Part One Basic concepts .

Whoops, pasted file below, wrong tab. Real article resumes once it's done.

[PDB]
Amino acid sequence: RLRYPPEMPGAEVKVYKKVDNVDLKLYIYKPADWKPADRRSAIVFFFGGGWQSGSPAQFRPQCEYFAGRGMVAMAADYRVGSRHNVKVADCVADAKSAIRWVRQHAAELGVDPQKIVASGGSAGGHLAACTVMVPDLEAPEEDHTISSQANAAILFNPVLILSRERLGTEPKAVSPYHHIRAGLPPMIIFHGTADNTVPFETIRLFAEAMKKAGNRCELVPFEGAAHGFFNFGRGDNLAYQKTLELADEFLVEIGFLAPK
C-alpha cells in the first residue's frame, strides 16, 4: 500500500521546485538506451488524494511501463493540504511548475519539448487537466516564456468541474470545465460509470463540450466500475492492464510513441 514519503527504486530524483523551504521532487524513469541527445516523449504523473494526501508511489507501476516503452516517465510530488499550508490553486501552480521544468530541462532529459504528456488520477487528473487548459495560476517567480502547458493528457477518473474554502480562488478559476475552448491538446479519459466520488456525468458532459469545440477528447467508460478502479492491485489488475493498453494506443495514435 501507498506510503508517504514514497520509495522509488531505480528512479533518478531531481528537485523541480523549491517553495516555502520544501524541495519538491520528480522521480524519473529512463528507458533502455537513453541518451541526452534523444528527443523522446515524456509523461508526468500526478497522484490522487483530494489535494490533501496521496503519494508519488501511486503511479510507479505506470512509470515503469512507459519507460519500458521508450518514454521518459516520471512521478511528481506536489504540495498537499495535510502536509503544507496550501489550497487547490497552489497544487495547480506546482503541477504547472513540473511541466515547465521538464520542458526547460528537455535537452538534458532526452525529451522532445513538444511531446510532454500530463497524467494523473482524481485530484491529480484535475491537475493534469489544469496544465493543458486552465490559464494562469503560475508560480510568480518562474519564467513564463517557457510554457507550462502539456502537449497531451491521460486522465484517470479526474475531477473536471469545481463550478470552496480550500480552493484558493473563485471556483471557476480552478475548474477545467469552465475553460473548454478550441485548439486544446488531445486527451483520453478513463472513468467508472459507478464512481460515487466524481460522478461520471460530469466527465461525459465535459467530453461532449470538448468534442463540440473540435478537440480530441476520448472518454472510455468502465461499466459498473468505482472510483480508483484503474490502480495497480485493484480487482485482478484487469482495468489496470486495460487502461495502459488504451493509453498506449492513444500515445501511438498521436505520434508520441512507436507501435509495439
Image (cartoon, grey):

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the evolution of computational plasticity techniques have made possible the development of reﬁned software packages with a considerable degree of automation that are today routinely employed by an everincreasing number of engineers and scientists. soil and rock mechanics. Since those days. elastoplasticity and elasto-viscoplasticity – as well as on the relevant numerical procedures and the practical issues arising in their computer implementation. The variety of practical problems of interest to which such techniques are currently applied with acceptable levels of predictive capability is very wide. Applications were mostly conﬁned to the modelling of the behaviour of solids in conventional areas of engineering and analyses were carried out on crude. to the simulation of manufacturing processes such as metal forming. 1. Many of the techniques discussed in the text are implemented in the FORTRAN computer program. named HYPLAS. which accompanies this book.1 INTRODUCTION O VER the last four decades. The range covered goes from basic inﬁnitesimal isotropic to more sophisticated ﬁnite strain theories. Another important aspect to emphasise is that the performance of many of Computational Methods for Plasticity: Theory and Applications EA de Souza Neto. the use of computational techniques based on the Finite Element Method has become a ﬁrmly established practice in the numerical solution of nonlinear solid mechanics problems both in academia and industry. such as stress analysis in structures. Aims and scope The main objective of this text is to describe in detail numerical techniques used in the small and large strain analysis of elastic and inelastic solids by the Finite Element Method. In their early days. user-unfriendly software that typically required highly specialized users. Many such problems are characterised by extremely large straining and material behaviour often described by means of rather complex constitutive equations. including anisotropy.1. Parts of its source code are included in the text and should help readers correlate the relevant numerical methods with their computer implementation in practice. D Peri´ and DRJ Owen c c 2008 John Wiley & Sons. Particular emphasis is placed on the derivation and description of various constitutive models – based on phenomenological hyperelasticity. Fuelled by the steady increase in computing power at decreasing costs together with the continuous industrial demand for accurate models of solids. these techniques were largely limited to inﬁnitesimal deformation and strain problems with the main complexity arising from the nonlinear constitutive characterization of the underlying material by means of basic elastoplastic or elasto-viscoplastic theories. mining operations and biological tissue behaviour. Also included are much less conventional applications. such as the simulation of food processing. They range from traditional engineering applications. this area of solid mechanics – generally known as computational plasticity – has experienced dramatic developments. Ltd .